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Elecraft KX3 Field Test: s/n 6 - a Field Tester's perspective

Discussion in 'Product Reviews' started by W6NIA, Feb 13, 2012.

  1. W6NIA

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    May 10, 2010
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    Moleculo has already posted excellent photos of this KX3 Field Test unit (s/n 6). This unit is in Field Test here, which is its own type of milestone for all those waiting patiently. I'll be writing objective appraisals of this FT unit. That will be my intent, anyway (objectivity). This posting is a first cut. Read on.

    My personal opinion is that this is the coolest amateur transceiver ever designed, built, or dreamed of. Perfect size, perfect weight, VERY respectable performance. You can *really* take the KX3 with you, and you’ll really want to. Mine’s going everywhere with me, including the workplace! I know my engineering staff will demand to see how Wayne and crew fit it all in, and how well the KX3 works.

    After about a week using this unit, I've reached the conclusion that the KX3 is basically ready for initial production. As is usual for a 'young' rig from Elecraft, firmware is still a work in progress. This should be no surprise to anyone on this list. The hardware is at near-100% shape, IMHO. There are a few minor issues - mostly features not yet implemented. And I mean minor. If I weren't an engineering manager in the consumer electronics industry I would not have noticed any of them. The electronics seems solid, and I've done a bit of lab testing for MDS and selectivity. Most of my testing has been on the air though. My lab testing shows MDS better than -136 dBm, but my signal generator can't extend any lower. I have not done advanced testing like Clifton Labs is capable of doing. No problems with rejecting out of band signals (away from the roofing filter's coverage).

    On the air: I've had about 60 CW QSOs, using between 1 and 12 Watts of output power. The antenna is a homebrew multi-band vertical, ground mounted. Seven or eight of these Qs were on battery power. No differences were found between operating on external and internal power, except for the output power limitations due to batteries. One Q was with an extremely weak QRP station in New Mexico. The APF helped with this, to the point that I could not have pulled him out without the feature. With APF engaged, his signal was 539 with rapid fades to 319. He was running 0.5W and I was running 3 W. Great ragchew, with very few repeats.

    Except for Navy-Marine Corps MARS, I'm mostly a CW op. Several SSB contacts went successfully after a false start: I had to finagle the MH3's input connection a bit (a virgin socket seating issue). I set the MIC and CMP values by listening on a second receiver and built in MONitor, giving MIC=18 and CMP=10 as the best combination. Audio reports using the MH3 and this setting were excellent - "clear as a bell" and "good presence”. Output using the internal speaker is adequate, though not amazingly loud. Some of that is probably my 55 year old ears and too many rock concerts when I was younger. The frequency response seems relatively flat and lows are surprisingly well-represented. Distortion is low (< 2% THD the way I hear it).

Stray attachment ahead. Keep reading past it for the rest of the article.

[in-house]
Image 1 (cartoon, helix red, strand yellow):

The FOC and NA contests run last weekend were an interesting environment for first-time ops on the KX3. Lots of strong signals, many in excess of S9+25. A majority of the QSOs mentioned above were near strong signals and with the roofing filter in place I had pretty good luck ignoring the big guns while working weak signals. I have to admit this is completely subjective, however years of experience with the K3 also tells me that the KX3 has similar characteristics in this regard. The best example from on-air testing was the NM CW station I mentioned above. His signal was marginal, meaning the APF was essential for pulling him out of the band noise. At the same time, 3 to 4 KHz up was one of those big guns thumping away (S9+10 as I recall). I could even hear key clicks from the contester, but only a tiny amount of blocking from his signal on the KX3. That's what I mean by "similar to the K3". It's not identical though. I found instances where a little bit of a strong station's signal was near- or in-band, and as you would expect some pretty severe blocking occurred. I'd recommend everyone make sure they have the roofing filter on the "essentials" list for purchase. In many ways the roofer makes the KX3 what it was meant to be.
    One thing that’s notable and exceptional: I haven’t seen any of the typical issues of a “zero IF” architecture. No image problems, no frequency response issue at low audio frequencies, no noticeable ripple in the passband (in either SSB or CW), no audio artifacts. The advantage to a zero IF architecture is that there’s no “donut hole” around the IF frequency; there are others too – one single conversion takes less space than multiple conversions, less power consumed, less heat generated.
    As a Navy-Marine Corps MARS operator, I’m looking forward to using the KX3 in our ECOM exercises. Its size and power consumption are perfect for such types of portable operation. It’s the item that will take the least amount of space in your Go Kit.
    Standard disclaimer: I am not employed by nor do I have a fiduciary interest in Elecraft.

    Matt Zilmer, W6NIA / NNN0UET / NNN0GAF THREE
    NMCM RMS Winmor: NNU9ET-5: Upland, CA.
    3 people like this.

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